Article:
By Larbi Arbaoui
By Larbi Arbaoui
Taroudant, December 5, 2011
The Muslim world celebrates the Day of Ashura today December 5th, the tenth day of Muharram in the Islamic calendar. Originally a Jewish celebration, this ceremony marks the Jewish tradition of fasting on the tenth day of Muharram to commemorate the rescue of Moses from Pharaoh. In Sunni Islam the celebration also is tied to Moses: Where prophet Mohammed advised his fellow Muslims to fast the ninth and tenth day or the tenth and eleventh day of Muharram also to honor the deliverance of Moses.
For the Shia Muslims, Ashura is a day of sorrow and mourning remembering the grandson of the prophet Mohammed, Hussein Ibn Abi Talib, whom was martyred in the Battle of Karbala around thirteen centuries ago.
In some Sunni countries like Morocco, the commemoration has grown beyond its religious roots into a festive and enjoyable day. Moroccans prepare delicious meals made specifically to celebrate Ashura. One of the traditions is to keep the tail of the sheep of ‘Eid Al Adha’ until Ashura, and use it along with sun dried meat called “kurdas” inMorocco’s famous dish of couscous. Kurdas contains liver, fat and lots of spices, wrapped around the stomach and tied tightly with the small intestines then stored in an open sunny place to dry.
In the Moroccan city of Goulmima there is a large street festival where people celebrate Ashura by wearing costumes, different skins of sheep and goats, and scary looking animal masks. In the Berber tradition, the costumed people are referred to as “Udayen n Ashur,” the Jews of Ashura. With only tambourines and handclaps, “Udayen n Ashur” creates lively music, performances of acrobatic dancers. Everyone sings and dances with amusing variations on the songs, until very late into the night.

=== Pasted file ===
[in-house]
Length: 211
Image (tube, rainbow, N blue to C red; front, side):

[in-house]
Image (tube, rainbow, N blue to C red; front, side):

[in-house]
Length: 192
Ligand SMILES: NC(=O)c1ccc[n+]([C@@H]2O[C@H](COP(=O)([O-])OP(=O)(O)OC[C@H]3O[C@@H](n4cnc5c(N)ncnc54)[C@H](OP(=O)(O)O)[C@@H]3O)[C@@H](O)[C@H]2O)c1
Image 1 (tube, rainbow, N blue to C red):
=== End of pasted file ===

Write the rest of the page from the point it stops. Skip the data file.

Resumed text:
Another Ashura tradition is throwing water at one another. This is another very common tradition in Morocco, especially if Ashura comes at the end of a hot spring or summer day. Moroccans are showered from head to toe whenever they’re caught outside. The Arabic speaking regions call this tradition “Zamzam.” The Berbers have a different name for each of the three days of Zamzam: The first day is “Bou Isnayen” the second, “Bou Imerwasen” and the third is, “Bou Imrazen.” These are translated as “the day of throwing water,” “the day of repayment,” and finally “the day of fight.” On any one of these days, if water is thrown at a person, they have the right to throw stones back.
On Ashura, children move from house to house, singing rhyming songs and collecting money and sweets. The songs are often prayers or offers of praise for kind and generous people. As a child, I always looked forward with overwhelming happiness to Ashura. The day before, my friends and I would prepare Ashura clothes and long necklaces from shells of the dead snails. When traveling from house to house, one of us used to lay down in a neighbors’ door and pretend to be dead while the rest sang sorrowful mourning songs personalized for each house, for example: ‘Oh! Mr. Lmakki, our friend has tragically passed away, if only you could bring him back to life, we would give you almonds and henna for your kids.” Nearly all the houses would offer us eggs, dates, almonds, and sometimes even money.
Larbi Arbaoui is a contributor to Morocco World News
Editing by Benjamin Villanti
This story is © Morocco World News.